By Seyyada Burney
The United Nations Development Programme (UNDP) has released its first-ever Human Development Report focused exclusively on Africa. The report, Africa Human Development Report 2012: Towards a Food Secure Future, argues that establishing food security must become a top priority among governments to achieve sustainable human development in Africa.
The Africa Human Development Report is the first UNDP Human Development report to focus exclusively on Africa. (Image credit: UNDP)
Despite a wealth of natural resources and recent economic progress, sub-Saharan Africa remains the world’s most food-insecure region. According to UNDP Administrator Helen Clark, “the specter of famine, all but gone elsewhere, continues to haunt millions in the region.” Report statistics reveal that even though GNP per capita was as high as $17,000 in countries such as Equitorial Guinea in 2011, gross economic disparities persist within sub-Saharan Africa — approximately one in four people still suffer from undernourishment. But, says Tegegnework Gettu, Assistant Secretary-General and Regional Director of the UNDP’s Regional Bureau of Africa, “Africa has the knowledge, the technology, and the means to end hunger and food insecurity.”
The report outlines four multidimensional strategies through which food security can be achieved:
1) Increasing and maintaining agricultural productivity.
With the population of sub-Saharan Africa projected to reach 2 billion by 2050, there is a dire need to improve access to and availability of food for current and future generations. Many previous development efforts have been held back by urban biases against the agricultural sector and rural populations. A realignment of government budget priorities towards improving efficiency, transportation infrastructure, and access to capital, markets, and insurance in the agricultural sector will improve availability and management of food, as well as improving access.
2) Reducing Malnutrition:
Malnutrition remains a pervasive and insidious challenge to sustainable development in sub-Saharan Africa, affecting physical and mental development in children and reducing female education and workforce participation. Chronic malnutrition can be addressed through relatively cost-effective nutrition intervention strategies such as bio-fortification (breeding nutrients into crops) and female empowerment. Many programs that aim to empower women are improving nutrition among women and children in addition to promoting economic progress and agricultural productivity.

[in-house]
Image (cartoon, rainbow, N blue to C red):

3) Building resilience to shocks.
Civil unrest, drought, famine, and market failures continue to inflict both immediate and longterm damage upon the poorest households and individuals in sub-Saharan Africa. Rapid population growth and demographic changes also continue to strain communities and institutions. According to the report, “linking social protection to measures that enhance farmers’ access to technology, stabilize rural markets and commodity prices, and build up rural infrastructure can make farmers, households, and markets more resilient to shocks.”
4) Empowerment and social justice.
“Building a food-secure continent requires transformative change—change that will be most effective if accompanied by a shift of resources, capacities, and decisions to smallholder farmers, poor communities, and women,” according to the report. Increasing knowledge, organization, and communication among everyone involved in food production, including farmers, transporters, and customers will reduce transaction times and costs as well as increase income and collective bargaining power. Locally determined solutions that aim to overcome urban and gender biases are both cost-effective and sustainable because they give voice to the opinions, concerns, and contributions of impoverished and marginalized communities.
Each of these strategies promotes the UNDP’s central ethos of putting people at the center of development policies and practices. “The right to food—and the right to life itself” stands as the core principle of the African Human Development Report. It urges policymakers and institutions alike to critically analyze issues of access and inequality underlying food insecurity in sub-Saharan Africa. It also recognizes that tackling such a complex challenge to human development will require cooperation across multiple disciplines and sectors, including governments, organizations, and, of course, individual farmers and their communities. The report concludes, “the challenge is large, the time frame is tight, and the investment required is significant, but the potential gains for human development in the region are immense.”
Click here to read the full report.
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To read more about innovative schemes to increase food security, read: Protecting Wildlife While Improving Food Security, Health, and Livelihoods, PBS Reports on One Acre Fund, and Innovation of the Week: Fertilizer Tree Systems enrich soil naturally.
Seyyada Burney is a research intern with Nourishing the Planet.